If you see he's committed to going where other dogs have headed and failed, if he won't move you can at least try the other side. Might give him a chance to see things your way. Kind of a "break the spell" thing.

    Most of the big name handlers I see are usually left side only. Impressive to watch a Pro run all the dogs. I have trouble recognizing who's who, let alone remember which are two sided.

    I remember reading long ago that dogs are heeled on the left because most shooters are right handed and the gun is on the right.
    Last edited by John Lash; 02-13-2013 at 09:27 PM.
    John Lash

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  7. #37
    Senior Member Erik Nilsson's Avatar
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    I think it advantageous with 2 sides for Honoring/working at the line or even walk ups. never know if ya get an unrully dog to go with.
    HRC- Our season never ends

    "Shoot fast or shoot last"

    HR UH Nilsson's on a wing n a prayer SH WCX

  8. #38
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    granted my guy is only 11 months and just going through TT but i have found two sided very advantageous. in doubles and triples i send him from right for right bird and left for left bird. maybe this isnt what its intended for but it works for him. when he is returning from a mark i stick my hand to the side i wont him to heal to and he does. if i dont stick my hand out (for example after picking up go bird on a triple) i let him pick the side (im assuming this is secondary selection) and line him up for that side's respective bird.

    i could see later down the road where the poison bird blind heeling trick could help down the road

    one question that i did think of is if on marks if after the retrieve and on his return i give him a here whistle and motion for the side i want him on is that considered handling and a fail? without a whistle is it?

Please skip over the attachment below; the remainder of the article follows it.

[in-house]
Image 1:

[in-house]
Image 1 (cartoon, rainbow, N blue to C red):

i would like to know if the way im using the 2 sided is correct as well?

  9. #39
    Senior Member JusticeDog's Avatar
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    I think it is advantageous, and not for blocking the flyer. that never works. It's for blocking where a dog has been ie: the young derby dog that wants to look short and to the left again at the flyer station. Step up on them for the memory bird and talk them into it. Same for an AA dog.

    When the birds are going down, and let's say you have an out of order flyer to the left, and the last bird down is to the right, you can use your leg to push their pointed little heads back to the right.... gets their attention back to the right.

    Definitely, some people are better at using it than others... and it can get a lot of over analysis. But, I want every tool in my took box I can get.
    Susan

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  10. #40
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    Quote Originally Posted by thelast2 View Post
    I would sure like to hear some thoughts from the pros, especially the added length of time teaching it. My first dog only heals to one side, but I have two others that im training two sided healing and it is definitely taking more time, and work to get a nice clean heal.
    After teaching them to heel on the left, walk them down a fence line on the right - tightly. They learn it pretty quick.
    Susan